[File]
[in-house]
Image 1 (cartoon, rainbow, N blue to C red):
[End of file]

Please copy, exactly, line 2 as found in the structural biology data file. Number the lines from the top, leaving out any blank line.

Image 1 (cartoon, rainbow, N blue to C red):